Vietnam war veterans unite to help Agent Orange kids
Viet Nam News
Publication Date : 15-02-2013
The Vietnam war ended nearly 40 years ago, but its effect does not. Many soldiers, with great efforts and sacrifice, are joining hands to help national construction and ease the pain of loss.
For many soldiers, it is good luck to return home safely from the battlefields. But for some, such luck turns into great pain upon seeing their children born with birth defects as they have to bear the impact of dioxin, the toxic chemical in Agent Orange, herbicides sprayed by the US during the war.
Khong Thi Thuy, Director of Phu Quy charity centre in northern Bac Giang province said her heart was broken when seeing these children. She was determined to help them and treat them as her own children.
In 2009, Thuy and her husband, themselves having a child suffering from the effect of Agent Orange/dioxin, established the Phu Quy charity centre. By now they have cared for over 200 child victims of Agent Orange. After receiving vocational training, many of them are working for the centre.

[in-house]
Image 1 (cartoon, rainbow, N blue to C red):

Thuy unveiled that sometimes her centre run out of rice and money so she and other staffers stay up all night to sew to have money for rice.
She recalled that on some occasions, the staff must care for 4-5 sick children at the same time. “It is really, really hard. But I think in order to do something for society and our friends, we should forget ourselves. If we just think of our own interests, it comes to nothing.”
Bac Giang authorities provided the Phu Quy charity centre with 1.3 hectares of land, and many donors are also making contributions to keep it running.
Dong Khanh Vinh, Chairman of Bac Giang provincial Agent Orange Victims’ Association, said although most of us retire and battle with diseases, we are committed to sharing with our comrades, especially their children, with all our heart, conscience and responsibility. The more we care, the more we pay tribute to our fellows.
The centre has received heartfelt kindness from war veterans across the country and foreign organisations via the Foreign Ministry and Vietnamese embassies worldwide to make it a cosy home for children with AO effect.